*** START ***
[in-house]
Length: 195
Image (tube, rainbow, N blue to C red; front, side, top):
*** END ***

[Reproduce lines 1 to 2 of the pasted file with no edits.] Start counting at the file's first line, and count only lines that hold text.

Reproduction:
[in-house]
Length: 195